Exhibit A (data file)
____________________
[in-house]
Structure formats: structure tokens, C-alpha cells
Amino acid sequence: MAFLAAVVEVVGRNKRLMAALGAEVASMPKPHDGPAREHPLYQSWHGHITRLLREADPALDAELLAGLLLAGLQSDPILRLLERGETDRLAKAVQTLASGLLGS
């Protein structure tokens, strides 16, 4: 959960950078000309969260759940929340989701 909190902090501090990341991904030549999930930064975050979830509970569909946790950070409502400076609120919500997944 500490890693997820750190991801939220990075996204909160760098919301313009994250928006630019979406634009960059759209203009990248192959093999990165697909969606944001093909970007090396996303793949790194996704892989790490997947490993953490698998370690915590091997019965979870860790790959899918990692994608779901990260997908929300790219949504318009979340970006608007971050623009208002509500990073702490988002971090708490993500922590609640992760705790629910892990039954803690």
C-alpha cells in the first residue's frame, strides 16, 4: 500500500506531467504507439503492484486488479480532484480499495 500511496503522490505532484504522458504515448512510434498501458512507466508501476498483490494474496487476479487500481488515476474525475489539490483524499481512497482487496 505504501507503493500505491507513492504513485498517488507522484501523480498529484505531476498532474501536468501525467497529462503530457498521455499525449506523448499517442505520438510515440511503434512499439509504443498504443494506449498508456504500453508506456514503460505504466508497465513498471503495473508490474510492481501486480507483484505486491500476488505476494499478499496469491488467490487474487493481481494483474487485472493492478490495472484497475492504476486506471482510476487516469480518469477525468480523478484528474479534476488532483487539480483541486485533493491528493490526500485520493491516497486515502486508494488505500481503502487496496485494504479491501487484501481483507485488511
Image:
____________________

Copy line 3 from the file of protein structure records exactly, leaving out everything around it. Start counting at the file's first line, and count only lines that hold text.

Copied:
Amino acid sequence: MAFLAAVVEVVGRNKRLMAALGAEVASMPKPHDGPAREHPLYQSWHGHITRLLREADPALDAELLAGLLLAGLQSDPILRLLERGETDRLAKAVQTLASGLLGS